One thing most parents can agree on: Adjusting to parenthood is one of life’s biggest challenges. All the crying and fussing. Sleepless nights for weeks on end. Putting your own needs on the back burner. All of this can wear you out—and even lead to depression.
“A new baby in the family can be both a joyous and stressful time for the family,” says Christopher Guerrero, MD, MPH, MD, MPH, board-certified psychiatrist at Franciscan Health Dyer and Hammond. “We’ve known this when it comes to new mothers. But it’s also true for new fathers.”
Men are more likely to develop depression after the birth of a child than at any other time in life. One in 10 fathers experiences paternal postpartum depression, or PPPD. But while doctors regularly monitor mothers for postpartum depression, men aren’t likely to be screened for this mental health condition.
Here’s what you need to know to spot the signs of postpartum depression in dads and get the help you need:
Recognize Risk Factors for Paternal Postpartum Depression
Most parents feel overwhelmed by the changes a baby brings to their lives. Fathers might express feeling trapped, or that life will always revolve around the demands of their new child. Fathers can also feel isolated as mothers become engrossed in childrearing and bonding with the new baby. While it’s normal for these thoughts to come and go, persistent feelings of isolation, exclusion and hopelessness can lead to PPPD.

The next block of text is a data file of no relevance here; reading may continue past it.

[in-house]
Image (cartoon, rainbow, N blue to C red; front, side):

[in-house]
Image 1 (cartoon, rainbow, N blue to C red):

Although any father is susceptible to depression, Dr. Guerrero said certain factors can increase the likelihood of developing this mental health condition, including having:
Learn the Signs of Postpartum Depression in Men
Signs of postpartum depression in dads can differ from those found in new mothers. Common signs of PPPD include:
- Increased anger, irritability and anxiousness
- Lack of interest in previously enjoyable activities
- Feeling sad or “empty”
- Reduced ability to focus and concentrate
- Extreme fatigue
- Withdrawing from family and friends
- Headaches, cramps or digestive problems
- Changes in sleeping or eating habits (either more or less)
Seek Help for PPPD—For the Health of Your Family
Depression is a crippling condition that affects everyone in the family. Dads with PPPD are less able to bond with children, which affects the kids as much as when mothers have postpartum depression. Research indicates that babies who live with depressed parents are more likely to develop behaviors in toddlerhood such as hitting, lying, and feeling anxious or sad.
“Caring for the mental health of fathers during the postpartum period is just as critical as addressing concerns with new moms,” Dr. Guerrero said.
If you’re concerned about postpartum depression in yourself or a loved one, seek professional help. Discuss your concerns with your doctor or make an appointment to talk with our behavioral health specialists.